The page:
Please Note: This article is written for users of the following Microsoft Word versions: 2007, 2010, 2013, 2016, 2019, and Word in Office 365. If you are using an earlier version (Word 2003 or earlier), this tip may not work for you. For a version of this tip written specifically for earlier versions of Word, click here: Converting Tables to Charts.

Converting Tables to Charts

by Allen Wyatt
(last updated April 18, 2020)

2

It is not unusual to present data in both tabular and graphic forms in a report. Word makes it easy to do this. Once you have developed your table, you can convert the information directly into a graph. You do this in the following manner:

  1. Select the table you want converted to a chart.
  2. Make sure the Insert tab of the ribbon is displayed.
  3. Click the Object tool within the Text group. Word displays the Object dialog box.
  4. From the list of Object Types, choose Microsoft Graph Chart.
  5. Click on OK. Word displays a graphic representation of your tabular data.
  6. Format your graph as desired.
  7. Click anywhere outside of the newly inserted graph to continue working in your document.

As you were following these steps, you may have noticed that there is a Chart tool in the Illustrations group on the Insert tab of the ribbon. You may have then wondered why you wouldn't use this tool to create a chart.

The reason is simple: If you select the Chart tool, you end up with a generic chart created using Excel and inserted directly in your document. (You also end up with this type of chart if you choose Microsoft Excel Chart in step 4.) Word does not base the chart upon the selected table data (you selected it in step 1), but instead inserts the chart into the first cell of the selected table, thereby deleting anything that was in that cell.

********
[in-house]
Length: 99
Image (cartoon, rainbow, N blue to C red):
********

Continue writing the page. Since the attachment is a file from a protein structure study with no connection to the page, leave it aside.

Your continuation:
For simple charting tasks it is better to avoid using the Chart tool and insert a Microsoft Graph Chart object, as outlined in these steps.

WordTips is your source for cost-effective Microsoft Word training. (Microsoft Word is the most popular word processing software in the world.) This tip (7791) applies to Microsoft Word 2007, 2010, 2013, 2016, 2019, and Word in Office 365. You can find a version of this tip for the older menu interface of Word here: Converting Tables to Charts.

Author Bio

Allen Wyatt

With more than 50 non-fiction books and numerous magazine articles to his credit, Allen Wyatt is an internationally recognized author. He is president of Sharon Parq Associates, a computer and publishing services company. ...

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What is eight more than 6?

2020-08-26 03:39:41

karthik

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2020-04-18 18:49:00

Michael Kelly

Hi Allen,
I liked finding out about this tool--after all these years!
And it did make a graph, but it was a huge 3d graph. All the formatting controls were unresponsive, and dragging the corner didn't help.

Any suggestions?

Thanks, as always, for your Word tips.

Michael


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